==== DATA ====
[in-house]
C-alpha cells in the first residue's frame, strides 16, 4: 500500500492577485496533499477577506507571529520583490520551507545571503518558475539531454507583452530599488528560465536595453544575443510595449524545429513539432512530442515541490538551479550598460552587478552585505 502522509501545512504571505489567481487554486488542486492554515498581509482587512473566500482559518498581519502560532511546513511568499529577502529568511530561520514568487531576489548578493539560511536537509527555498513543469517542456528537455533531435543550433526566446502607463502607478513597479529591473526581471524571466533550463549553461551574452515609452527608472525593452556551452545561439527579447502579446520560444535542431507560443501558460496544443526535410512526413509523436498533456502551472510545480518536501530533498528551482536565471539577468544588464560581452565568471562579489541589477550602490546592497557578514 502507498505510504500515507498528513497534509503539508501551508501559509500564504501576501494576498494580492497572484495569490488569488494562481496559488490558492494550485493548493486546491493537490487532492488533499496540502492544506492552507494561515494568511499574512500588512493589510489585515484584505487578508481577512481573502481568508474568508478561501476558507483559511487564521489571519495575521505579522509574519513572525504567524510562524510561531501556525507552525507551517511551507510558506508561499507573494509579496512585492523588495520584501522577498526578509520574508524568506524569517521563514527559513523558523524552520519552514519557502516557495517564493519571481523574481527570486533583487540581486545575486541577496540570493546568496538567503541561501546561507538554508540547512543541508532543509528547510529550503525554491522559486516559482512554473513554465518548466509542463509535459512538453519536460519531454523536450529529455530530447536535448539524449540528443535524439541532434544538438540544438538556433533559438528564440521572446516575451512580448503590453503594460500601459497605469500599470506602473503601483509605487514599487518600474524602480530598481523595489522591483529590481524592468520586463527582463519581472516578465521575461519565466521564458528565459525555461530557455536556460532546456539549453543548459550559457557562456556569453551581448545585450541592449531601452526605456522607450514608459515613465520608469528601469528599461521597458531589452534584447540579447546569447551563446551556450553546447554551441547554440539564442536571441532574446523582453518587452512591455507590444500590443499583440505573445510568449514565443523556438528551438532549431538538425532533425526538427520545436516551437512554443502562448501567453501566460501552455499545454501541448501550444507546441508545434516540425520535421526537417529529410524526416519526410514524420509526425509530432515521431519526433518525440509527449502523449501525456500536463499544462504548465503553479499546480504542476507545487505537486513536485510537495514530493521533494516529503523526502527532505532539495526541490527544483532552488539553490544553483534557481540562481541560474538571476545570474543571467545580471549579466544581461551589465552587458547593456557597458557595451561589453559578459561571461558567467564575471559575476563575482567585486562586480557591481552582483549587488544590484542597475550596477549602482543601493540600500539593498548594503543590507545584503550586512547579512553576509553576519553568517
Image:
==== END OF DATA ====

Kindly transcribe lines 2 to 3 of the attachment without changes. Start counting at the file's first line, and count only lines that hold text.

C-alpha cells in the first residue's frame, strides 16, 4: 500500500492577485496533499477577506507571529520583490520551507545571503518558475539531454507583452530599488528560465536595453544575443510595449524545429513539432512530442515541490538551479550598460552587478552585505 502522509501545512504571505489567481487554486488542486492554515498581509482587512473566500482559518498581519502560532511546513511568499529577502529568511530561520514568487531576489548578493539560511536537509527555498513543469517542456528537455533531435543550433526566446502607463502607478513597479529591473526581471524571466533550463549553461551574452515609452527608472525593452556551452545561439527579447502579446520560444535542431507560443501558460496544443526535410512526413509523436498533456502551472510545480518536501530533498528551482536565471539577468544588464560581452565568471562579489541589477550602490546592497557578514 502507498505510504500515507498528513497534509503539508501551508501559509500564504501576501494576498494580492497572484495569490488569488494562481496559488490558492494550485493548493486546491493537490487532492488533499496540502492544506492552507494561515494568511499574512500588512493589510489585515484584505487578508481577512481573502481568508474568508478561501476558507483559511487564521489571519495575521505579522509574519513572525504567524510562524510561531501556525507552525507551517511551507510558506508561499507573494509579496512585492523588495520584501522577498526578509520574508524568506524569517521563514527559513523558523524552520519552514519557502516557495517564493519571481523574481527570486533583487540581486545575486541577496540570493546568496538567503541561501546561507538554508540547512543541508532543509528547510529550503525554491522559486516559482512554473513554465518548466509542463509535459512538453519536460519531454523536450529529455530530447536535448539524449540528443535524439541532434544538438540544438538556433533559438528564440521572446516575451512580448503590453503594460500601459497605469500599470506602473503601483509605487514599487518600474524602480530598481523595489522591483529590481524592468520586463527582463519581472516578465521575461519565466521564458528565459525555461530557455536556460532546456539549453543548459550559457557562456556569453551581448545585450541592449531601452526605456522607450514608459515613465520608469528601469528599461521597458531589452534584447540579447546569447551563446551556450553546447554551441547554440539564442536571441532574446523582453518587452512591455507590444500590443499583440505573445510568449514565443523556438528551438532549431538538425532533425526538427520545436516551437512554443502562448501567453501566460501552455499545454501541448501550444507546441508545434516540425520535421526537417529529410524526416519526410514524420509526425509530432515521431519526433518525440509527449502523449501525456500536463499544462504548465503553479499546480504542476507545487505537486513536485510537495514530493521533494516529503523526502527532505532539495526541490527544483532552488539553490544553483534557481540562481541560474538571476545570474543571467545580471549579466544581461551589465552587458547593456557597458557595451561589453559578459561571461558567467564575471559575476563575482567585486562586480557591481552582483549587488544590484542597475550596477549602482543601493540600500539593498548594503543590507545584503550586512547579512553576509553576519553568517
Image: